Thursday 12 December 2019 - Monocle Minute | Monocle

Thursday. 12/12/2019

The Monocle Minute

Image: Getty Images

Opinion / Andrew Tuck

No good outcome

The UK goes to the polls today and a victory for Boris Johnson’s Conservative party seems inevitable. It’s just the scale of the triumph that remains unclear. How many traditional working-class neighbourhoods will turn Tory blue on the election map? Will the Tories hold on to the Scottish seats they gained in 2017 or will a resurgent Scottish National party crush them?

One thing is clear: it’s been pitiful watching the party leaders in action. Labour leader Jeremy Corbyn has failed to settle the anti-Semitism issue in his party, looks worn out and his outlandish spending promises have failed to resonate with the public. Johnson (pictured), meanwhile, has shown himself to be a man uncomfortable with answering a straight question and the party’s campaign only has one big idea: “get Brexit done”. And the Liberal Democrats leader, Jo Swinson, has frittered away her popularity because of her complicated take on Brexit and a manifesto that failed to inspire debate.

That’s why this election is one where voter loyalty is set to fray; many at the centre of politics will look at the ballot paper and decide none of the above. The only good thing is that failure at the polls will force the losers to get their houses in order.

Image: Getty Images

Finance / Europe

Divine intervention

The European Central Bank’s new president, Christine Lagarde, will hold her first official monetary policy meeting today, with investors and governments watching closely to parse her plans for the world’s second-biggest economy. It’s a big test. Although Lagarde (pictured) has headed up the IMF and served as France’s finance minister, some are sceptical of her credentials: she lacks any economics training or central-bank experience and has publicly admitted a hatred of maths. Instead of dictating the finer aspects of policy, it’s believed that she will aim to find common ground on difficult issues such as the environment. She has said that she hopes to be a wise owl – rather than the traditional hawk or dove – in the style of a leader she is known to admire: Pope Francis.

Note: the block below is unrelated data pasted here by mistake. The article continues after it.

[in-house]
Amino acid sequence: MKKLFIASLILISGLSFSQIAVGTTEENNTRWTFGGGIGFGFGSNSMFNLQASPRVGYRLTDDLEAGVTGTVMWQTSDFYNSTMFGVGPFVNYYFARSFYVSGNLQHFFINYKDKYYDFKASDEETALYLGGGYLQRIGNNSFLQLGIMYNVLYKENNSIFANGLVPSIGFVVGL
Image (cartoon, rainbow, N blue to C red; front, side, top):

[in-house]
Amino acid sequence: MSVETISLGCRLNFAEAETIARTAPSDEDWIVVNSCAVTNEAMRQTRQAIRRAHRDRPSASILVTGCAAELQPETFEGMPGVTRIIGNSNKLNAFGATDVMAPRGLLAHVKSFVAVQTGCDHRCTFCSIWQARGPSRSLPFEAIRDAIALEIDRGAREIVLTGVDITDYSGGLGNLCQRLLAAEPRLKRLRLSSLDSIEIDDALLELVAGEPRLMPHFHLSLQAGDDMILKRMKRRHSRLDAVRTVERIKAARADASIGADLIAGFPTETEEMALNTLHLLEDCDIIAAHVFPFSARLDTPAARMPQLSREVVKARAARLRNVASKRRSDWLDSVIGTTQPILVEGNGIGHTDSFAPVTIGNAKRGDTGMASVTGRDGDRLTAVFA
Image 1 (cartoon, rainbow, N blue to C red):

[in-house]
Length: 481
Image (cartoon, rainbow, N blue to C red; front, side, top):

Image: Getty Images

Media / Global

Loss for words

China is back in first place when it comes to locking up journalists. Beijing has wrested the ignominious title from Turkey, according to the Committee to Protect Journalists. The New York-based NGO’s annual report, released this week, reveals that at least 250 reporters have been locked up around the world in 2019 just for doing their jobs.

Although the overall number is trending downwards, there has been a sharp increase in the number of reporters imprisoned under so-called fake-news legislation, which can often be a way for repressive governments to criminalise criticism and dissent; Russia and Singapore joined the club this year. But it’s not all bad news: the government in neighbouring Malaysia followed through on a campaign promise to scrap similar laws brought in by the previous administration of disgraced prime minister Najib Razak.

Image: Shutterstock

Urbanism / Vancouver

In the bunker

Vancouver’s Park Board has announced that it will carry out public consultations in 2020, on what to do with its three public golf greens. Critics of the courses say that new parks or affordable-housing complexes – where up to 60,000 residents could be accommodated – are better uses for the land. The move is the latest chapter in the decline of public golf courses in Canada’s cities: 51 were closed across the country between 2015 and 2018. But some advocates warn that city greens are still a valuable resource, particularly for many older residents, for whom the courses are as much a social forum as a sporting one. In a city such as Vancouver, however, where open space is at a premium, the transformation of its golf courses could well serve as a hole-in-one for advocates seeking to ensure that the city, in its moment of growth, is open to everyone.

Retail / Berlin

Department of transformation

Retailers are struggling the world over but the likes of Berlin’s KaDeWe prove that, when done right, there’s still a place for department stores. The Kaufhaus des Westens, as it was called when it opened in 1907, introduced the German capital to exotic fruit and couture fashion – and rather than resting on its laurels, it has continued to evolve. In 2015 it introduced an ambitious transformation led by Dutch architecture firm OMA, in a series of ongoing projects. This week it inaugurated a new “Luxury Boulevard” featuring the likes of Louis Vuitton and Rolex, a “Home Atelier” for interiors and design and an upgraded food hall on the sixth floor that will remain open for late-night diners. It’s another way to keep shoppers engaged and offer experiences that e-commerce simply cannot compete with.

M24 / The Entrepreneurs


After working at Nike and Disney, Andy Mooney joined Fender in 2015, becoming the first CEO of the US heritage guitar brand to actually play the instrument. He now oversees the relaunch of Fender’s iconic models and the company’s digital growth.

Monocle Films / Adidas x Monocle

Explore your city

We put our best foot forward on a morning run in Munich as we unpack our shoe collaboration with Adidas. What do you think about when you think about running?


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